Mayor Rahm Emanuel today called for a multifaceted response to gun violence in Chicago as part of the kick-off of a new organization run by the parents of a young girl whose shooting became a national symbol for the city's struggle with violent crime.
Emanuel spoke at the launch of "Hadiya's Promise," an organization started by the parents of Hadiya Pendleton, who was gunned down near President Barack Obama's Kenwood home in 2013. They say they will use their group to lobby for tougher gun control laws and work to organize anti-violence groups so their voices can carry as much weight as that of the National Rifle Association.
The mayor has made gun control one of the major themes of his administration at a time when shootings in the city have remained stubbornly high and become a political problem for him heading into his re-election campaign. In his remarks today, he hewed to familiar points about the need for tougher gun legislation "that reflects the values of the city of Chicago."
"The city of Chicago is not an island," he said as Hadiya's parents, Cleopatra Cowley-Pendleton and Nathaniel Pendleton, looked on at the Martin Luther King Center in the Bronzeville neighborhood.
"Three-quarters to 80 percent of the guns taken off the streets are coming from outside the city: Downstate, Indiana, Wisconsin," he said. "Every weekend the Chicago Police Department takes more guns off the street than New York or L.A."
Emanuel has been frustrated in his attempts to push tougher state gun laws during his first term. And Chicago has lost a series of court decisions on gun control, forcing him to introduce an ordinance to the City Council to allow gun sales in city limits.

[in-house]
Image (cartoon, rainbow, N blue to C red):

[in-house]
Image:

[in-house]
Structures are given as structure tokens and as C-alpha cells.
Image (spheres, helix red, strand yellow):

Emanuel has taken to talking about guns as one part of a response to violence that also includes family values, job opportunities for young people and education. He hit those themes today as well. "There's no one answer to this," he said.
"When you say 'What is the 'X'? There is no one thing or combination," Emanuel said. "And if you try to search for the Holy Grail, like that's the thing, you're missing -- there's a lot of things."
Hadiya Pendleton would have turned 17 this month. She was a student at King College Prep High School and a band majorette who marched in Washington as part of President Barack Obama’s inauguration.
Hadiya and a group of friends were at Harsh Park in North Kenwood, taking shelter from the rain, when someone opened fire in their direction.
Her parents said today that “Hadiya’s Promise” will partner with national leaders and organizations to address the sources of anger and violence among at-risk youth. The couple also unveiled a logo for the organization that incorporates the artwork of their slain daughter.
“In this past year, people have really come to bat for us,” Nathaniel Pendleton said. “We want to do our best to make our commitment to this cause as valid as it can possibly be.”
The public support “rejuvenates us and our whole sense of humanity,” he said.
The couple said they have gathered together a group of leading scholars, researchers, activists to develop effective ways to reach youth long before they become become involved in gangs or resort to violence.
“We’ve had a little bit of time to think and evaluate what we’re doing,” said Cowley-Pendleton. “We’re in this and we want to renew our commitment to Hadiya and this cause and movement.
“We are an organization that is pushing to get our voice out there and we want to see good things happen for our children," she said. "We want all our children to have a good future. We want to collaborate with other groups and make sure resources are available for the betterment of our children. We want to keep the people we love safe from experiencing what we’ve gone through.”
From the time their daughter was killed, Cleopatra Cowley-Pendleton and Nathaniel Pendleton have been launched on a national stage. They have traveled the country speaking on gun violence and gun control, while also learning more about crime prevention tactics and effective youth guidance programs.Copyright © 2015, CT Now